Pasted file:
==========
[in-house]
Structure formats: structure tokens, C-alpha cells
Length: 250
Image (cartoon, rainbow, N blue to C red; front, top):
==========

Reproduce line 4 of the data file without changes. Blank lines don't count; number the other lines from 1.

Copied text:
Image (cartoon, rainbow, N blue to C red; front, top):